Sunday, May 20, 2007

Millions have seen this Rock City Barn

If you put up an advertisement, you'd naturally want to put it in a place where many people would see it. In the days before interstates, this would usually be the heavily traveled US highways, which is one reasons why most of the Rock City Barns appear alongside one. Today, Most people use the interstate, and there are a small number of these Rock City barns visible from one. This one is along I-40 between Nashville and Knoxville in Roane County.

Millions Have Seen Rock City

Millions Have Seen
Have You ?

Interstate 40 is one of the most important and heavily traveled freeways in the country. It is one of a few that nearly reaches from coast to coast in the country. Plus, Millions of motorists drive through this area every year.

This specific barn's message is visible when traveling eastbound near mile marker 358. This is seen just moments after crossing a local road, Buttermilk Road, that this barn is located on. It is located East of Kingston, TN and between Exit 356, which is TN58 north to Oak Ridge and exit 360, which is the access to Buttermilk Road and the Bradbury community. If you take the Buttermilk Road exit and drive to the barn, this is a view you get right until you cross underneath the Interstate.

Millions Have Seen Rock City. Have You?

Unfortunately, there is not a view from the road where the smaller barn does not partially obstruct the view. This barn with its message and oversized question mark is used to store hay and cure tobacco.

For me, the real amazement, was the other side, which had an unmaintained for years Ruby Falls advertisement. Sometimes, it seems like the Ruby Falls advertisement crew had a "Anything you can do, I can do sometimes" mindset. I have seen other instances of Ruby Falls signs being on the other side of a Rock City barn, or even a Rock City barn being repainted as Ruby Falls. However, these days, just a few, if any, of their barns get repainted.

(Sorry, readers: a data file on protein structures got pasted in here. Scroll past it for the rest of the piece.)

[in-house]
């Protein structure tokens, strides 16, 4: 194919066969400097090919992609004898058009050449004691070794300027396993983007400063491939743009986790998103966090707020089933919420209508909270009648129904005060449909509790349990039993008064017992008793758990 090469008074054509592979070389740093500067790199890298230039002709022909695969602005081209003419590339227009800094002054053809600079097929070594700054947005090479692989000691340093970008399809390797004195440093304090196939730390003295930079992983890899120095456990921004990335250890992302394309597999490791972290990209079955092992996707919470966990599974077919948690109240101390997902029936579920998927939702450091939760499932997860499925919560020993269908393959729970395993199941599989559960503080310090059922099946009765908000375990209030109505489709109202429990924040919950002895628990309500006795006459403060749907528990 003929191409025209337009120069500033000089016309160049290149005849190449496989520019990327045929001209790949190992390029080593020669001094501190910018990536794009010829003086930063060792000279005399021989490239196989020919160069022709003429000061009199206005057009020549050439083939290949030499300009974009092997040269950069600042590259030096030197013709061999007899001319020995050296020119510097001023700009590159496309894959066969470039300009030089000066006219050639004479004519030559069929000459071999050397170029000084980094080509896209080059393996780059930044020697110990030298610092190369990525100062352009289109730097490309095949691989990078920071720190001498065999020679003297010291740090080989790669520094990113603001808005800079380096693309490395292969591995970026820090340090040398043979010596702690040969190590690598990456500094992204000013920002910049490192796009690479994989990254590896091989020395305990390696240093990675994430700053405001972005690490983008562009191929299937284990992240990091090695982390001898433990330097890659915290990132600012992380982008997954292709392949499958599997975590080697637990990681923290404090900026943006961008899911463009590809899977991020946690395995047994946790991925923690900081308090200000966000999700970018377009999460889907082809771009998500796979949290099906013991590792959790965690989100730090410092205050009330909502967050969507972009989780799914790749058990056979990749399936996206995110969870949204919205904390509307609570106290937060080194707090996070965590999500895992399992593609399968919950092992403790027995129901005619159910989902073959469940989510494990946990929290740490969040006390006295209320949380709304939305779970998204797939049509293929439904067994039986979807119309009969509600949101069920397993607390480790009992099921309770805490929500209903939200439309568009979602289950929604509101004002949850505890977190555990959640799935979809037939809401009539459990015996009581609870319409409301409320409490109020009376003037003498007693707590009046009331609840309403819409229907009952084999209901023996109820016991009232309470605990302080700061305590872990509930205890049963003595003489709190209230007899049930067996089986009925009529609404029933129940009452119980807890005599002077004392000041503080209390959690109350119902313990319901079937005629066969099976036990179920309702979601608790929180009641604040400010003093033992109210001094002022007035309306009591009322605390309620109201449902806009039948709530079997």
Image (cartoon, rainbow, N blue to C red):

Ruby Falls barn


Lookout Mt. Chattanooga

Although the paint looks like rust upon a metal roof, it might not be that simple. Of course, if that is all it was, the color of the paint would actually be their "Ruby" color which would fall somewhere between a Deep Red to a pink. However, traditionally, their ads are not just words on a blank or unpainted background. Usually, between the background and the words, one was colored Ruby and the other Turquoise. If anything was kept white, it would be the text on a ruby or turquoise background. There are a couple of reasons why it might not appear this way, such as one paint chips easy or rusts in a different way.

One reason why this barn wouldn't be maintained is you can't actually see this side from the interstate! (Unless you could catch it at a sharp angle through the trees.) You'd have to be traveling along Buttermilk Road to see this, and that road doesn't really go anywhere, except for highway US 70 which is a couple of miles up the road.

On this is designated #RCB 42-73-02. From their picture, which is 4 years older than mine, you can tell it's been repainted in the interim.
See it on a map HERE.
Lat & Lon: 35.8612oN \ -84.4057oW
In the Capps book, this is #15, the Malinda Eblen barn.
In The Jenkins book, this appears as a color photo on page 65. This photo from the mid 90's also was taken after a repaint and appears on the Rock City website HERE.